A Liverpool politician has raised fears of “another Grenfell” amid further disappointment for residents affected by the ongoing cladding crisis.
Seventy two people lost their lives in the Grenfell Tower fire in London in 2017 when flammable cladding encased the building contributing to the the rapid spread of the fire.
Last month minister for housing Robert Jenrick announced £3.5 billion extra funding to pay for the removal of dangerous cladding on high rise buildings over 18 metres, telling the House of Commons that he was “making an exceptional intervention on behalf of the government.”
However, MP for Liverpool Riverside Kim Johnson believes this latest offer of support is insufficient for a crisis that is likely to cost around £15bn to rectify.
Ms Johnson told JMU Journalism: “I can only think that the government do not yet see the political advantage in financially supporting leaseholders over developers. I am fearful that it will take another Grenfell to move this government.”
As well as not going far enough, Ms Johnson says the government’s plans ignore other issues that will leave many leaseholders stuck in unsafe buildings:
She said: “Firstly, the arbitrary decision on the height defies rationality. Buildings less than 18m in height with flammable cladding are still potential fireballs that could end in lost lives. It cannot be left to leaseholders to accept full costs to ensure their safety in otherwise unsafe buildings.
“Obviously the costs many leaseholders have already shouldered, for Waking Watch and new fire alarms, will not be recompensed in full. Also, wooden balconies and flammable insulation are not included. The Housing, Communities & Local Government Select Committee identified that the real costs to remediate all affected buildings would be around £15bn, so even the additional £3.5bn is insufficient.”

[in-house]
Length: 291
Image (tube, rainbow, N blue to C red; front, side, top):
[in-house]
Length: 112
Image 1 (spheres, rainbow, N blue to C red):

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Leaseholders were hit by more bad news after an amendment to the fire safety bill by Conservative MP Stephen McPartland, which would have protected leaseholders from paying for the removal of flammable cladding, was not brought up for a vote. Without this protection thousands of leaseholders face possible bankruptcy.
“I think it was inevitable it was going to happen but I think watching it and seeing it, it broke my heart” said Debbie Byrne, a leaseholder at the Deck in Runcorn, which has been found to have dangerous cladding.
“I’ve got to admit I cried a bit and I’m sure other people did as well.”
Another resident at The Deck, Derek Booth, said: “It was a bit of a blur really. I got so upset and angry watching the TV; to be classed as a second-class citizen, which is how it really felt.”
According to Barry Kushner, cabinet member for housing and regeneration at Liverpool City Council, the problem is widespread across the city.
He said: “There are about 40 non and aluminium clad high rise (above 18 metres) blocks.
“The response from ministers has been poor, including to a letter I wrote to the housing minister Christopher Pincher. The MPs have also struggled to get adequate response to the building safety fund.
“We don’t have the resources to pay for cladding remediation and it is not the responsibility of the council. This is a government issue. The recladding of all the blocks in the city would likely cost over £300m.”